The Wonder Years TV series stole my heart like millions of other fans in 1988 through 1993.
I remember Mama..
I remember striped bell-bottom pants and paisley shirts and..
I remember The Wonder Years.
I really did love and adore watching this show each week.
The good old days of strict fathers and the everyday life of growing up in a typical American suburb. The show depicted the years 1968-1973. On the show, Kevin was 12 when we first met him and by the time of the finale he was 17.
The Wonder Years shook up social media last week posting selfies to promote the upcoming, soon to be released “The Wonder Years” DVDs.
This is the best news since the creation of Wonder Bread or something along those lines.
Oh what joy to go back in time and relive the late 60s and early 70s with Kevin Arnold, played by Fred Savage. If I had a tween or teen, I would rush to buy the DVD in a Chicago minute, which is where Fred Savage is from, so take that New York.
Back then: Fred Savage in 1989 at rehearsal for the 41st Emmy Awards. Now: Fred is a director, married and has three children.
The cast on the set in their retro 60s kitchen.
Josh Saviano then and now who starred as Kevin’s BFF Paul. Today, Josh is a corporate lawyer.
Kevin Arnold’s love Winnie was played by Danica McKellar. Her and Paul, Josh Saviano, all grown up! Dancia’s recent credits this year is starring on Dancing With The Stars. The Wonder Years house where the TV show Arnold Family lived is 516 University Ave. Burbank, California.
Quotes from The Wonder Years Show by the Narrator that so much as part of the show.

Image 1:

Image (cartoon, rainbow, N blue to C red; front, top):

The Pilot: Nineteen-sixty-eight…I was twelve years old. A lot happened that year. Dennis McLain won thirty-one games…”The Mod Squad” hit the air…And I graduated from Hillcrest Elementary, and entered junior high school. But we’ll get to that. There’s no pretty way to put this…I grew up in the suburbs. I guess most people think of the suburb as a place with all the disadvantages of the city, and none of the advantages of the country. And vice versa. But, in a way, those really were the wonder years for us there in the suburbs. It was kind of a golden age for kids.
Christmas Season 2: That Christmas of nineteen-sixty eight, my brother, Wayne, and I fell in love. With color-TV. It was more than love. We were witnessing a modern miracle. And we worshipped it like aborigines from the black-and-white stone-age. It was the first thing we ever agreed on. Even Mom and Karen tended to mist up in the presence of that almost-living color. The House
That Jack Built – Season 4: Men came home from a just, and noble war. It was a place where peace-of-mind came by the square foot. Where the space between every linoleum floor, and shingled roof… was to be filled with children. And dreams. And where, into every inch of concrete, hard-working men poured their values. My father was one of those men. His values were simple. As solid as the walls of the house he took care of. And he trusted the preservation of those four walls to nothing less than his own two hands. With maybe a little help from my two hands.
Independence Day – The finale: Once upon a time, there was a girl I knew, who lived across the street. Brown hair, brown eyes. When she smiled, I smiled. When she cried, I cried. Every single thing that ever happened to me that mattered, in some way had to do with her. That day, Winnie and I promised each other that no matter what, that we’d always be together. It was a promise full of passion and truth and wisdom. It was the kind of promise that can only come from the hearts of the very young.
I remember The Wonder Years. They were truly the golden years.
Take a ride way, way back with The Dick Van Dyke Show
And now with some current shows
Have the most wonder-filled day.